Unless you’ve already been through the process, you may not know much about bankruptcy. It can be a sensitive subject, and many believe that it is only reserved for financially swamped people. However, anyone can experience financial stress, and bankruptcy is a great way to overcome financial potholes. If you would like to learn more, check out these three myths.
1. Myth: Only Financial Failures File Bankruptcy
Overusing credit is only one reason people may file bankruptcy, and it’s not even the main reason people file. One common reason why people file bankruptcy is to get rid of medical bills that insurance didn’t cover. In fact, in 2019, 66.5 percent of US bankruptcies were due to medical bills or time off work for medical issues.
Job loss is another top reason for filing bankruptcy, and it is often connected with unpaid medical bills. If you lose your job, you may lose your insurance. Even if you decide to purchase COBRA (Consolidated Omnibus Budget Reconciliation Act) insurance, you still may be unable to pay coinsurance, co-pays, and other out-of-pocket expenses. Plus, without a job, you may fall behind on other bills, including your car loan and home loan.
Unexpected circumstances can also lead to bankruptcy. This is commonly a problem because many Americans don’t have much money in savings and must live paycheck to paycheck. One small, unexpected circumstance like the refrigerator breaking may not financially destroy you, but a lot of little problems or one big problem can add too much financial stress.
2. Myth: Bankruptcy Ruins Your Credit
If you’re considering bankruptcy, your credit may already be dropping. While bankruptcy does stand out on your credit report, so do many other factors, such as not paying bills, not paying bills on time, and not paying the full monthly bill. If you’ve had to do any of this because of financial stress, lenders may already see you as a risk.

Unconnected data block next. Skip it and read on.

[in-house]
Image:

This is especially problematic if you have a high debt-to-income ratio. This means you have too much debt compared to your income. When lenders see this, they are less likely to take a chance on you because they’ll assume you won’t have enough money to repay the loan.
Bankruptcy can actually help in the long run by eliminating some of the other debt with which you struggle. With less debt, you’ll be in a better position to pay remaining bills in full and on time. However, bankruptcy will appear on your credit report for 7 to 10 years, depending on whether you filed chapter 13 or chapter 7. Even while it’s on your credit report, however, the power of the bankruptcy diminishes as more time passes.
3. Myth: Bankruptcy Can Eliminate All Past Debt
Unfortunately, bankruptcy can’t eliminate all past debt, but it can eliminate some of the most problematic debt, such as medical bills, personal loans, and credit card loans. You can also file for bankruptcy on property or vehicles, but they will likely be reposed.
Some debt, however, cannot be discharged during bankruptcy. Typically, you can’t discharge debt that is related to government or court issues, such as taxes, government fees, criminal fines, child support, alimony, and some types of personal injury settlements.
Also, bankruptcy typically excludes student loans. This is unfortunate as many Americans struggle with school debt and may assume bankruptcy is an option. However, eliminating other debt may help you repay your school loan without financial devastation.
If you have to file bankruptcy, you aren’t a failure, and even though it will stay on your credit report for some time, it can actually improve your financial situation in the long run by giving you more money to pay off other bills or put into savings. If you would like to know more, contact us at Wiesner and Frackowiak, LC, today.